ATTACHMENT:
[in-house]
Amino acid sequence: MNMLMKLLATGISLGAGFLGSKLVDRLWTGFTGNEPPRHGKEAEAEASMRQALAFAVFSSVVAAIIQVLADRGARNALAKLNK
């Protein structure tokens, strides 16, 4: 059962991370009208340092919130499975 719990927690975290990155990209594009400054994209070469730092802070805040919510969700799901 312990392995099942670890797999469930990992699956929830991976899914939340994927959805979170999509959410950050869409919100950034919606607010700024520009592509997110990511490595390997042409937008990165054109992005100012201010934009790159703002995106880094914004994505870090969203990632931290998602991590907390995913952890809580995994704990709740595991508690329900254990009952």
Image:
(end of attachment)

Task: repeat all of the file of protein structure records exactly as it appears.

[in-house]
Amino acid sequence: MNMLMKLLATGISLGAGFLGSKLVDRLWTGFTGNEPPRHGKEAEAEASMRQALAFAVFSSVVAAIIQVLADRGARNALAKLNK
């Protein structure tokens, strides 16, 4: 059962991370009208340092919130499975 719990927690975290990155990209594009400054994209070469730092802070805040919510969700799901 312990392995099942670890797999469930990992699956929830991976899914939340994927959805979170999509959410950050869409919100950034919606607010700024520009592509997110990511490595390997042409937008990165054109992005100012201010934009790159703002995106880094914004994505870090969203990632931290998602991590907390995913952890809580995994704990709740595991508690329900254990009952």
Image: